8 thoughts on “Germs, Round and Round

  1. There used to be a rule, more I tradition I suppose, but universally honored: don’t release your first practice as a record. That might be the worst drumming I have ever heard. By an actual drummer I mean. Or is this the guitar player on a break?

  2. Obviously not polished, reminds me of the Sex Pistols covers when they were trying to find a new bassist I think. Rough and ragged but fun. My feeling here was that the bass player was holding the whole thing together, and the drums were driving it forward. And somehow Chuck Berry shined through. I’m sure he wouldn’t have liked it.

    Here’s what he said about the Pistols, Clash and others. He liked the Romantics.


  3. “It sounds like an old blues jam that BB and Muddy would carry on backstage at the old amphitheatre in Chicago. The instruments may be different but the experiment’s the same.” The experiment’s the same. What an interesting way to put it.

    When they’re out of sync it drives me crazy, unless it’s in some cool way that this is not. Their studio stuff is much better, although I never heard anything that grabbed me. The lyrics that I catch, few it’s true, are straight from the LURID TALES! songbook.

    Besides the Descendents, I think the LA punk band with the best songs is Fear. The college kids at work turned me on to them in the early 90s. I didn’t know that Belushi got them on Saturday Night Live in 1981. This is wild.

  4. From your quote though, Chuck was talking about Wire and Joy Division, who are a long mile from the Germs. And Fear.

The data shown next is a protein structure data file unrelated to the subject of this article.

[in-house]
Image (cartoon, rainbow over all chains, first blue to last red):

If I’m going to hitch my wagon to an LA band it’s the Minutemen, but X was there first, and the Germs came the hardest.

    In any case, the coastal wars are bull. Glad I got that out of the way. I think it was Biggie who would have been 50 this week.

  5. I never thought in war terms, the movements weren’t contemporary for one. I like some songs of X and the Minutemen and the odd tune by others from that scene (Agent Orange).

    Yeah, it’s interesting that Chuck says that about Wire of all bands. The word “experiment” is what struck me, and Wire certainly was an experimental band, but it’s the first time I’ve seen it describing Muddy and BB. Of course, Chuck goes back a long way.

    The Sex Pistols covers are different to me, first because they were rehearsal tapes never intended to be released, also because the band didn’t know the songs very well, but most important because no matter what they did Jones and Cook locked in. That’s a huge part of what I’m always listening for in rocknroll, in all its permutations. If I never heard another guitar solo I’d survive, but take away the rhythm guitar and I quit.

  6. Germs – The vocal on this is Darby being Darby. He’s a total mess, as always. Didn’t stick around to be a judge on “The Voice.” I think Pat Smears’ guitar quite sizzles in spots. Like I’ve said plenty before, I think if Joan Jett belongs in the Rock Hall for anything, it’s getting the Germs album out of the mess that was The Germs.

    Fear – First album was great, is still very good. Second album kind of exposed their shallowness. Lee Ving just wanted to be a star. He’d be a “Voice” judge in a minute. That SNL appearance is certainly a classic. Punk doesn’t get much better than “I Don’t Care About You.”

    The LA band I think you guys – and many others – are missing on is Angry Samoans. They never get mentioned and their debut album is 15 minutes of punk perfection.

  7. You’re right, I hardly know the Angry Samoans, so I listened to the album between innings of the WBC game. Three songs per break, concise. I finally get the skateboard connection, which is precision. This drummer, in contrast, is a motherfucker. I like most of it but I’d hate to be Jerry Curlan. And maybe I’m wrong, but is the irony here that the singer is actually kinda wimpy?

  8. I think of Metal Mike Saunders as more whiny and obnoxious than wimpy. That’s part of his appeal. Kind of Keith Morris one step further.

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